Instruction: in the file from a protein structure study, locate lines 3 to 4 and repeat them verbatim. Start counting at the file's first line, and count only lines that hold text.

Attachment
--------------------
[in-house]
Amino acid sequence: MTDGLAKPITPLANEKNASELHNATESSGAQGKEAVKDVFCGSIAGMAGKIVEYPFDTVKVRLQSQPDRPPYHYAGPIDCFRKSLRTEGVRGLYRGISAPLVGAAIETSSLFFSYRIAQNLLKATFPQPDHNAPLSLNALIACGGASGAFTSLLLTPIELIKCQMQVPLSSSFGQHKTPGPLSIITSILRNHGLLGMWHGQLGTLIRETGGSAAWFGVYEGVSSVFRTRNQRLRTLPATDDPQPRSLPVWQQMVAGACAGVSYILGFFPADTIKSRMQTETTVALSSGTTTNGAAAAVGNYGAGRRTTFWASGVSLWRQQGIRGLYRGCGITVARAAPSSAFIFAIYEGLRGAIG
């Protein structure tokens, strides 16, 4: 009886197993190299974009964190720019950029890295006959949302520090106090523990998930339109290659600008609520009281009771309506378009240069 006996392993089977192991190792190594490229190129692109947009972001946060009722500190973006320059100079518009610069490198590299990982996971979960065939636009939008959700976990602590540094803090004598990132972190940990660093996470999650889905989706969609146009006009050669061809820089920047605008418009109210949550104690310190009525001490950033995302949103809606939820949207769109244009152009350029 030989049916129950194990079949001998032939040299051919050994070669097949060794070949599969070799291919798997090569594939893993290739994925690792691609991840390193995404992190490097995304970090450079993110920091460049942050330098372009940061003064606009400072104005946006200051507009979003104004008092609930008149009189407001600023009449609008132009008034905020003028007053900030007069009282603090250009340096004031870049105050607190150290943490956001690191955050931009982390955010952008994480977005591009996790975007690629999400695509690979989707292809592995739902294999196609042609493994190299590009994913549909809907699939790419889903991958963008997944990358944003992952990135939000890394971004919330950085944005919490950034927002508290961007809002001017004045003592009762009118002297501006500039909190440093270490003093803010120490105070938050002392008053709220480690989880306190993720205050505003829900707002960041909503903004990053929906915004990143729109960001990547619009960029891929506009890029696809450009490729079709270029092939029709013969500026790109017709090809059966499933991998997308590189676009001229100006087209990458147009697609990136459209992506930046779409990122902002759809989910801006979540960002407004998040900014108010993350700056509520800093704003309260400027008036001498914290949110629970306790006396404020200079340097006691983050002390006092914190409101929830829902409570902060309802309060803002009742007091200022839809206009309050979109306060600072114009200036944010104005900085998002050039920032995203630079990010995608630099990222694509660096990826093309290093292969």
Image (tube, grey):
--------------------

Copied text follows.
């Protein structure tokens, strides 16, 4: 009886197993190299974009964190720019950029890295006959949302520090106090523990998930339109290659600008609520009281009771309506378009240069 006996392993089977192991190792190594490229190129692109947009972001946060009722500190973006320059100079518009610069490198590299990982996971979960065939636009939008959700976990602590540094803090004598990132972190940990660093996470999650889905989706969609146009006009050669061809820089920047605008418009109210949550104690310190009525001490950033995302949103809606939820949207769109244009152009350029 030989049916129950194990079949001998032939040299051919050994070669097949060794070949599969070799291919798997090569594939893993290739994925690792691609991840390193995404992190490097995304970090450079993110920091460049942050330098372009940061003064606009400072104005946006200051507009979003104004008092609930008149009189407001600023009449609008132009008034905020003028007053900030007069009282603090250009340096004031870049105050607190150290943490956001690191955050931009982390955010952008994480977005591009996790975007690629999400695509690979989707292809592995739902294999196609042609493994190299590009994913549909809907699939790419889903991958963008997944990358944003992952990135939000890394971004919330950085944005919490950034927002508290961007809002001017004045003592009762009118002297501006500039909190440093270490003093803010120490105070938050002392008053709220480690989880306190993720205050505003829900707002960041909503903004990053929906915004990143729109960001990547619009960029891929506009890029696809450009490729079709270029092939029709013969500026790109017709090809059966499933991998997308590189676009001229100006087209990458147009697609990136459209992506930046779409990122902002759809989910801006979540960002407004998040900014108010993350700056509520800093704003309260400027008036001498914290949110629970306790006396404020200079340097006691983050002390006092914190409101929830829902409570902060309802309060803002009742007091200022839809206009309050979109306060600072114009200036944010104005900085998002050039920032995203630079990010995608630099990222694509660096990826093309290093292969």
Image (tube, grey):